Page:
Restorative Strategies: #2
Restorative questions

Restorative Questions is a great strategy to deal with conflict and help the bully and the bullied child understand and learn from the bullying.

One of the basic understandings of restorative practices is that there will always be conflict. We will always have misunderstandings, competing needs, interests and differences of opinion. 

As parents we know our children don't always behave as we would like them to. 

Dealing with conflict is part of the parenting job whether we like it or not.

We need to change our thinking so we can see conflict as an opportunity for learning and building better relationships. 

Restorative Questions for the bully

What happened?

What were you thinking at the time of the bullying?

What have you thought about since the bullying?

Who has been affected by the bullying? 

In what way have they been affected?

What do you think you need to do to make things right?

(Questions are adapted from the Restorative Practices Handbook By Bob Costello, Joshua Wachtel and Ted Wachtel)

Keep in mind you are doing this with the child whenever possible the child must be allowed to answer the questions without prompting or interference of an adult. You are there to support and guide them. They may request assistance at any time in which you can provide information or assistance with problem solving.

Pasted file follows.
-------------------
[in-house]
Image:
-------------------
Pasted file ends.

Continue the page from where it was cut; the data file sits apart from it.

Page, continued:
This line of questioning seperates the child from the behaviour of bullying. It allows the child to tell their story and start to understand the impact their actions have on others (including teachers, the bystanders and the victim). It also gives them the opportunity to problem solve and fix what  harm they have caused and start building empathy.

Restorative questions for the bullied child

What did you think when you realized you were being bullied?

What impact do you think the bullying has had on you and others?

What has been the hardest part for you?

What do you think needs to happen to makes things right?

(Questions are adapted from the Restorative Practices Handbook By Bob Costello, Joshua Wachtel and Ted Wachtel)

This allows the bullied child to express their side of the story to be heard and understood. It allows them to be a part of the solution which starts to rebuild their confidence and self esteem. 

Allowing the healing to begin

This process can be done seperately depending on the circumstances. Sometimes this is best as the bullied child may not feel comfortable with the bully.  

It can also be done as part of a healing circle where the children, involved parents and a mediator or school authority come together and allow the children to hear each other and find a way to make things right thus promoting healing.

Parents can use this method with their children by slightly adapting the questions to fit the situation.

This process allows everyone the opportunity to be heard and understood. Everyone walks away with their dignity. It creates learning opportunities for building character, resolving conflict, problem solving and building healthy relationships.

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More suggested reading:

More about restorative justice

More bullying solutions

Problem solving


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